If you usually read them a goodnight story, insist on it being in your language. Start with picture books, so you can go through the pictures and name them in your language. Lots of praise of course when they get it right.
Hope that helps.
Just remember it aint going to happen overnight, and it will be hard work on your part.
im trying to start now, my dd loks at me wierdly when i use bengali words and goes 'mummy stop it!!'
Denmark is such a lovely country for holidaymakers with dc and they are so nice to dc there, I would try spending longer periods in Denmark with them. When they are interacting with Danish dc and hearing Danish spoken all around them, I think they will WANT to learn the language more. At the moment it isn't really necessary for them and they perhaps can't be bothered learning a third language if they don't see an actual need for it IYSWIM?
I wholeheartedly agree with SSSandy2 - sell them your language positively. You're already doing DVDs - keep that going, get them sent out from Denmark, so they have the right language option on them and don't let the kids realise they can choose ! What about magical books from when you were little? What lovely relatives/friends can you have visit, so they relate Danish and wonderful moments/people? Oh - and have you tried playing computer games and using Danish websites with them?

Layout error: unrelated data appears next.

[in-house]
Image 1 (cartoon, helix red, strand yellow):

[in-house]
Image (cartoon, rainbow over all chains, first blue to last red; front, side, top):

Personally, I'd say the more languages the better - they give you more options in life and a better connected brain .
I met some trtilingual children while on holiday.
Greek, English and French - extraordinary.
I woulod take your kids to your country as often as possible and stay the summer there - or if you cannot let them stay with family once they are older - this will encourage the second language
we are sending our kids to stay in the greek mountains with their uncle.
My dh was brought up speaking 3 languages. He says he feels as if there isn't one single language that he really masters as a mother tongue language.
I think it's really important for them to have one main language even if they are brought up bilingually.
Denmark - there is a fairly recent book (2006) called "Le Défi des Enfants Bilingues" by Barbara Abdel-Bauer that you should read. It will help clarify your thoughts.
My dd is almost 19 months and i feel like it's a mess teachin gher all the languages. she learns english from the tv, i speak to her in formal bengali as well as spoken bengali cos my parents speak one type and dh's another, it must be so confusing for the poor love! lol. gonna try just 1 type of bengali and let her learn her english bits from the tv until she goes to nursery.
A mum of tri-lingual child here - My 2 year old DD finds it completely natural (as she does not know any different) that her daddy speaks to her one language (Danish), her mommy another one (Czech) and that everyone else speaks English. She tends to use the correct language with appropriate people, although she has a prevalent language which is currently Czech, but I expect as she starts nursery/school English will become her language of choice
Having lived in the UK for over 15 years now, I have also initially found it quite strange talking to my baby in Czech. Fortunately I started from when she was born so she couldn't complain .
I definitely agree with the long 'immersion' stays in Denmark. You will be amazed how quickly they will pick up the language.